Note: Pay attention to the bandwidth or data limits on any cloud solution, as many providers out there will rate limit your connection after a certain point.
Start the setup!
If you’re planning to run your node on a computer locally, you can decide whether you’d like to run the Bitcoin Core software as a standard application (the GUI or Graphical User Interface) or through the command line as a background process. If you’re working on the cloud you’re most likely going to use the command line method.
I wanna run the GUI software!
So you like graphical interfaces. Great! Here’s the process:
- Download the latest Bitcoin Core GUI from the bitcoin.org download page for your operating system of choice.
- Run the software and you will be prompted to choose a directory for storing the blockchain data. Unless you have a specific preference here, go ahead and leave the “Use the default data directory” option checked and hit OK.
- At this point on Windows computers, you may have a firewall prompt appear asking for permission to let Bitcoin communicate over the web. Check all boxes and allow these permissions.
- The software should begin downloading the blockchain. This will take anywhere from 12 hours to a couple of days depending on your internet speeds and bandwidth. Let it finish and you’re officially running a Bitcoin full node! See the Network Configuration section below to make sure your node has the access it needs to run properly.
I wanna use the command line!
So you dig the command line, or you’d rather have Bitcoin Core run in the background? Sweet! Here we go:
- To simplify this process, earn.com (formerly 21.co) has put together a simple-to-use script that makes it a breeze to install a node via the command line!
- Open up the Command Prompt (Windows) or the Terminal (macOS and Linux) and paste this command:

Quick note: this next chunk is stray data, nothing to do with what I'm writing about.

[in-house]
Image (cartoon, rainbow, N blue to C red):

- Hit enter and you should see a welcome message pop up (like this one):
- Let the process run its course! It will download the Bitcoin Core software and attempt to set up port forwarding. If it can’t set up port forwarding automatically you’ll see a message appear like this one:
- You should also receive a success message! Your node is installed and running. Head down the Network Configuration section below to make sure everything is setup correctly for proper functioning.
Whether you’ve set up a node using the standard GUI software or through the command line, there will be some network setup required to make sure the node can send and receive connections from the Bitcoin network.
There are two jobs to complete here:
- Giving your computer a Static IP Address
- Setting up Port Forwarding
Instead of walking through this whole process, I’ll let the wonderful folks over at bitcoin.org take care of it! See the official guide for step-by-step instructions on accessing your router and setting it up to handle the node correctly.
If you’ve set up your node in the cloud, this process can be very different based on the service provider. Reach out to the support team for your specific provider or head over to SuperUser (a question and answer site for this sort of thing) to get help!
So… what about the Node-in-a-Box?
This is by far the easiest way to set up a full node right now. A simple plug-and-play box that you’d plug into your internet router just like a cable box. This lets you run a dedicated node without installing anything on your computer or another machine. You WILL still need to complete the network configuration steps outlined in the section above though!
The only project seemingly available right now is Bitseed. The Bitseed is currently pretty pricey at around $360, but from reviews, it seems to work as advertised and keeps things very simple. There are bound to be competitors coming out of the woodwork in no time, so keep an eye out as space matures.
Once the software is running, the blockchain has completely synced, and your network settings are correct, you’ve done it! You’re officially a contributing member of the Bitcoin network. Welcome to the future of money.
Bitcoin is powered by nodes.
More nodes = stronger Bitcoin.
You should run a node. Maybe two.
Editor’s Note: This article is originally published at Coincentral.com